DETROIT – When General Motors was bailed out, the Pontiac brand died. General Motors customers, dealers and employees were stunned. The decision cost money, and Pontiac was well on its way to a revival. Sales just disappeared, and they were not replaced by other brands that were preserved, such as Buick. The reality was that ALL of GM was struggling and losing money, so Pontiac was the sacrificial animal.
This week, Robert Lutz, then a GM exec, confirmed as such:
“And, when the guy who is handing you the check for 53 billion dollars says I don’t want Pontiac, drop Pontiac or you don’t get the money, it doesn’t take you very long to make up your mind.
Of course, GM had made its stew back in 2000 when Oldsmobile was canned. It set a precedent, and killing off a brand seemed to be the step that made people think that big change was coming to General Motors. Of course, part of the reason GM was struggling was that when it went broke, it no longer had the car volume to justify its existence. Indeed its business model was all about having a bunch of different brands to sell to different segments. You took the same innards, dressed them up carefully, and sold them to different sorts. The problem with GM in its misery was that it had killed off its Olds and then replaced it with odd niche brands like Hummer, which was never really a car company, and Saab, which was a wonderful niche car but something so odd as have its brand appeal ruined by being part of the GM family.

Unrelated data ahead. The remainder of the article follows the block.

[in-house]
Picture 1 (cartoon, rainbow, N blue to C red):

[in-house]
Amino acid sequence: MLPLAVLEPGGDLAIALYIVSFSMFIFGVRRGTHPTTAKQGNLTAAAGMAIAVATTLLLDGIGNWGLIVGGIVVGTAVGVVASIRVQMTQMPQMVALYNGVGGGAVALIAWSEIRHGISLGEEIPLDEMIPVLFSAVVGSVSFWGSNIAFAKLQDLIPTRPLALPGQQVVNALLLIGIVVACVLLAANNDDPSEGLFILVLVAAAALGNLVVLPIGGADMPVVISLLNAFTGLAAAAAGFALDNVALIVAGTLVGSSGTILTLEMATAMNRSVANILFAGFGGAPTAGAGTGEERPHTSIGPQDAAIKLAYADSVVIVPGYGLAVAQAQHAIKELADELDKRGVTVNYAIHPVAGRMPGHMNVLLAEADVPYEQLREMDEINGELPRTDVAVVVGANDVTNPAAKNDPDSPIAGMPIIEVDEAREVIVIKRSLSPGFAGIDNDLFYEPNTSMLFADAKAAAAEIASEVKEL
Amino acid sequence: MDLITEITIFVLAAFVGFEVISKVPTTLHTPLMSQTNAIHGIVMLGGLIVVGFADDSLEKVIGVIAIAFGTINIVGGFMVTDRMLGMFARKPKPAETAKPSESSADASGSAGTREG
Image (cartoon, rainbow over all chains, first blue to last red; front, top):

And then with the regular GM brands, the problem was that the innards were bad, and the outer brand designs were ugly and lacked any sort of connection to the brand story. Ergo, Pontiac made odd junk cars like the Aztek, ostensibly appealing to a younger consumer, but ignoring the Wide-trak and racy heritage of Pontiac.
The good news is that there is no reason Pontiac can’t come back with some special edition cars sold at GMC dealers. There is still a great heritage there, and if Fiat can successfully re-enter the U.S. market, so can Pontiac.
If you watch the below interview, you can see his quotes, and see why there was impatience with the situation. At one point, Lutz talks about the spacing between door posts and pieces on the dash; GM left large cracks, a relic of the era when production was not so mechanized, and gaps were needed to keep the discrepancies from making the car not fit.
“it was just a whole bunch of stupid stuff like that.”
Below, the interview.